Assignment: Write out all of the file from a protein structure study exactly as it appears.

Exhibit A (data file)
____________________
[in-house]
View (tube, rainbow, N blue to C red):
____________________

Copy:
[in-house]
View (tube, rainbow, N blue to C red):